Union Catalogue of Manuscripts from the Islamicate World

Persian MS 53 (The John Rylands Research Institute and Library, The University of Manchester)

Persian Manuscripts

This brief, undated illustrated manuscript, probably completed in 18th-century India, contains two poetic works, one written in the centre of the folios, with a second in the margins.


Summary of Contents: The Pandnāmah (Book of Advice) spuriously attributed to Saʻdī (d. 1292) appears in the centres of the pages, with another poem entitled Maḥmūdnāmah (Book of Maḥmūd) written in the surrounding margins. Together, they comprise two of five titles frequently found in a collection popularly known as the Panj Ganj (Five Treasures) or Panj Kitābpredominantly employed in traditional schools in Central Asia, Afghanistan, and India, with many variant manuscripts and editions in circulation. The first work concerns moral advice and etiquette, while the second features romantic poems arranged in alphabetic order attributed to one Muḥammad Maḥmūd Lāhūrī (937–1008 AH/1530–1600 CE), inspired by stories of Sulṭān Maḥmud Ghaznavī (b. 971, r. 998–1030) and his beloved servant Ayāz found in earlier works.
1. folios 2b-14a
Author and Dubious author: Saʻdī سعدى
Title: Karīmā
Title: کریما
Incipit: (basmalla) برگ ۲پ (folio 1b): کریما به بخشای بر حال ما * که هستیم اسیر کمند هوا
Explicit: برگ ۱۴ر (folio 14a): منه دل برین دهر ناپایدار * ز سعدی همین یک سخن یاد دار
Colophon: No colophon.

The final two lines differ from the 1788 edition of Francis Gladwin (1744/5–1812) as does the final word in Arthur Wollaston's (1842–1922) 1908 version, as noted by G. M. Wickens (1918–2006) in the introduction to his translation.

Language(s): Persian


Francis Gladwin, "The Pundnameh of Sady" in The Persian Moonshee. (Calcutta: Chronicle Press, 1795), pp. 101–142.
‘Ārif Nawshāhī, Fihrist-i Nuskha'hā-yi Khaṭṭī-yi Fārsī-yi Pākistān (Fihrist-i 8000 Nuskha-yi Khatti-yi Kitabkhānah'hā-yi Shakhsī va Dawlatī), Vol. 3 (Tehran: Mīrās̱-i Maktūb, 1396 SH [2017 CE]), pp. 1786–1788.
M. H. Razvi and M. H. Qaisar, Catalogue of Manuscripts in the Maulana Azad Library, Vol. V, pt. i: Poetry. (Aligarh: Aligarh Muslim University, 1981), pp. 49–50, no. 67.
Charles Rieu, Catalogue of the Persian Manuscripts in the British Museum, Vol. II. (London: British Museum, 1879), p. 865b.
G. M. Wickens, 'Sadi's Pandnama: A New English Version with Notes', in Annals of Oriental Research (Madras), Centenary Issue, Vol. 13. (1957): pp. 1–26.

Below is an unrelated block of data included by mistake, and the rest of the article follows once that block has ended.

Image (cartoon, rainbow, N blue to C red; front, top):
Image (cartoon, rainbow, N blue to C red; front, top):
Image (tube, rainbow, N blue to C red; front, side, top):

2. folios 2b-13a
Incipit: (basmalla) برگ ۲پ (folio 2b): ایداغ بر دل از غم خال تو لاله را * شرمنده ساخت آهوی چشمت غزاله را
Explicit: برگ ۱۳ر (folio 13a): يافته محمودهركس بردرآن شاه بار * اين گدارا هم برآن دربار بودی كاشكی
Colophon: برگ ۱۳ر (folio 13a): تمت تمام شد محمودنامه تحریر یافت.

For English translation of select passages and their relation to earlier poetical works, see Kugle's essay.

Language(s): Persian


Scott Kugle 'Sultan Mahmud's Makeover: Colonial Homophobia and the Persian-Urdu Literacy Tradition', Queering India: Same-Sex Love and Eroticism in Indian Culture and Society. Edited by Ruth Vanita. (New York: Routledge, 2002), pp. 35–37, 45 n11–15.
‘Ārif Nawshāhī, Fihrist-i Nuskha'hā-yi Khaṭṭī-yi Fārsī-yi Pākistān (Fihrist-i 8000 Nuskha-yi Khatti-yi Kitabkhānah'hā-yi Shakhsī va Dawlatī), Vol. 3 (Tehran: Mīrās̱-i Maktūb, 1396 SH [2017 CE]), pp. 1924–1927.

Physical Description

Form: codex

Text block comprised of lightly sized and polished, straight-grained, ivory-coloured paper handmade in India.

Extent: 15 folios, two flyleaves (ff. i + 15 + i) (text on folios 2b to 14a).
Dimensions (leaf): 212 × 144 mm.
Dimensions (written): 135 × 88 mm.

Modern pencilled Arabic numerals include the original first and last flyleaves, followed for this record


1I+1(4)1IV(12)1I(14). Catchwords on b side of nearly every folio.


Handle with caution. In fragile condition. Gutters and lower margins water damaged then subsequently repaired. Breaks in the marginal ruling in the gutter margins on folios 5a to 6b, 8a to 11b, and 13a–b resulting from green verdigris corrosion.